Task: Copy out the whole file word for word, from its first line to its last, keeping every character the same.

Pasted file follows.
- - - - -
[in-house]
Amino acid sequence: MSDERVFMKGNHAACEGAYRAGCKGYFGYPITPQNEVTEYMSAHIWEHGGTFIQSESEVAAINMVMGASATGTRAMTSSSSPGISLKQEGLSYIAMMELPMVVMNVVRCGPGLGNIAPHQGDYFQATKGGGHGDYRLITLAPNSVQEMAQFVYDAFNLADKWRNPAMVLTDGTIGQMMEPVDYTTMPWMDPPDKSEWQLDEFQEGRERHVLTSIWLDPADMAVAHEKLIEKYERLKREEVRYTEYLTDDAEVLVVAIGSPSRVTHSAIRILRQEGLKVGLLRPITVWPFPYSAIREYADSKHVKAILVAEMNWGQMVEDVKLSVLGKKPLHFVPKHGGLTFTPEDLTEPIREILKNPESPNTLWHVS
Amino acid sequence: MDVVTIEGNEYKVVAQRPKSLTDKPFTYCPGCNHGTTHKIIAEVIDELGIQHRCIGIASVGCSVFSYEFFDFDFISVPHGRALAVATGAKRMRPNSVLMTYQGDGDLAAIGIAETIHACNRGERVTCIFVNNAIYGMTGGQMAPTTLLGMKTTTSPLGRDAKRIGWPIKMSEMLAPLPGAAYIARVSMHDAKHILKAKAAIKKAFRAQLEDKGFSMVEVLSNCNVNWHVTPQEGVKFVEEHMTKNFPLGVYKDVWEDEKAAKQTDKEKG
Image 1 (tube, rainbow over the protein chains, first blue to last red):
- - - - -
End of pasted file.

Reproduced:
[in-house]
Amino acid sequence: MSDERVFMKGNHAACEGAYRAGCKGYFGYPITPQNEVTEYMSAHIWEHGGTFIQSESEVAAINMVMGASATGTRAMTSSSSPGISLKQEGLSYIAMMELPMVVMNVVRCGPGLGNIAPHQGDYFQATKGGGHGDYRLITLAPNSVQEMAQFVYDAFNLADKWRNPAMVLTDGTIGQMMEPVDYTTMPWMDPPDKSEWQLDEFQEGRERHVLTSIWLDPADMAVAHEKLIEKYERLKREEVRYTEYLTDDAEVLVVAIGSPSRVTHSAIRILRQEGLKVGLLRPITVWPFPYSAIREYADSKHVKAILVAEMNWGQMVEDVKLSVLGKKPLHFVPKHGGLTFTPEDLTEPIREILKNPESPNTLWHVS
Amino acid sequence: MDVVTIEGNEYKVVAQRPKSLTDKPFTYCPGCNHGTTHKIIAEVIDELGIQHRCIGIASVGCSVFSYEFFDFDFISVPHGRALAVATGAKRMRPNSVLMTYQGDGDLAAIGIAETIHACNRGERVTCIFVNNAIYGMTGGQMAPTTLLGMKTTTSPLGRDAKRIGWPIKMSEMLAPLPGAAYIARVSMHDAKHILKAKAAIKKAFRAQLEDKGFSMVEVLSNCNVNWHVTPQEGVKFVEEHMTKNFPLGVYKDVWEDEKAAKQTDKEKG
Image 1 (tube, rainbow over the protein chains, first blue to last red):